with the superego codings of his/her early childhood periods and adult
identity. These codings are the inner accuser and judge of past events, and
envelop the individual to become the state of being: shame.
If a refugee/immigrant has done something that he/she regards as
unforgivable, psychotherapy/support work may enable him/her to accept
him/herself in the present – and go on without denying the past. The
burden of the past may not be wholly lifted, but it can be accepted as part
of past history. The following case offers an example.
Cases – state of being: shame
Case 5.16
A male refugee, age 28, 5 years in Sweden, an unemployed engineer.
Reason for treatment: suicidal depression. Form of treatment: supportive
psychotherapy, once a week. Duration: 15 months.
Case summary:
He had come to Sweden as a guest student but when a fascist regime
took over in his country he sought and received refugee status. He had
started psychotherapy after being heavily medicated for a year for a deep,
suicidal depression. At the beginning of the supportive psychotherapy, he
kept saying to the female therapist:
P: “There is so much I can’t tell you.” T: “I hope some day you will
feel comfortable enough to be able to. I may be able to understand”, she
Case excerpt (from session, 24, after 6 months of treatment, about
the mid point of the psychotherapy):
The patient reported a recurring dream:
P: “I hear the sound of footsteps. The room I am in darkens. I hear
the screams of my childhood friends. I wake up sweating…I have been
having this dream again and again since I left my country.” T: “Does the
dream have anything to do with reality?” P: “It’s a dream.” T: “Dreams
can reflect reality.” P: “It does…” (A long silence) T: “How does it reflect
reality?” P: (A long silence.) “…I never told you that I was in prison
before I came to Europe. I was 14 years old. I spent 6 months there. I
believed then in human rights, but wasn’t very political. I was arrested,
tortured so much that I told everything I knew about my friends and my
teachers…(A long pause)…You are the first person I am telling this to.”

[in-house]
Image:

T: “Thank you for trusting me.” P: “How can I want to live knowing I
told on my friends, my teachers…they were sent to prison…maybe
killed because of me.” T: “You were 14 years old…Your brother has a
son of 14…could he stand that torture?” P: “No…he is just a child.”
T: “And you were, too. Do you think you could have endured the torture
without giving in to them…” P: “I haven’t thought of it like that.”
T: “You are thinking about it as a man of 28 years old, but you were 14
years old then, a child…can you forgive a child?” P: “I don’t know…”
The refugee/immigrant may look at past homeland situations with an
exaggerated picture of reality due to strict superego codings. This may
cause feelings of shame, or the state of being. It is the role of the carer to
correct such harsh messages. Case 5.17 provides an example of the state
of being: shame based on exaggerated reality.
Case 5.17
A male refugee, traumatized/tortured, age 26, 6 years in Sweden, a
university student. Reason for treatment: concentration difficulties,
relation problems. Form of treatment: psychotherapy, once a week.
Duration: 2 years.
Case summary:
During his time in exile, although the young man was intelligent, he
was unable to concentrate, learn the new language or relate to people,
even his own countrymen. A social worker suggested he talk to a
During the beginning and middle phases of psychotherapy, the
patient shares the reason he feels shame. He has talked to the therapist
about his family, with 2 older sisters, and a brother who was killed at the
age of 13. The individual was then 17 years old. Soon after the death of his
brother he was put in prison for 3 years, where he underwent torture
innumerable times until he was 20 years old, when he was released.
Shortly afterwards, he came to Sweden.
Case excerpt (from session 12, after 3 months of treatment):
T: “You did not force your little brother to give out pamphlets with
you. He also believed that what you were working for was important.”
P: “My mother blames me. She said he always looked up to me and
followed me.” T: “Younger brothers of that age usually look up to their
older brothers. If he had wanted to, he could have refused to come along
with you. You said to me that he always had a will of his own, that he was
stronger than you.” P: “He was.” T: “So he made that choice himself.”
P: “Yes, he did. I remember now. I did not want him to go along with me
that day. I tried to stop him. I was angry with him. We all knew that the
police would try to stop us. But we did not believe that they would shoot
at us – not young boys…” T: “But they did…” P: “When my little brother
fell down and the blood poured out of him, I fell on top of him, to try to
protect him from the bullets, but he was already dead…”
The man did not want his younger brother to be politically active and
tried to stop him from even coming that day. This event was shared during
the beginning of psychotherapy. When he could finally retell himself, again
and again, the same story and stop condemning himself for the death of his
brother, he could, for the first time during his exile, contact his family in the
homeland, whom he thought hated and had disowned him. His mother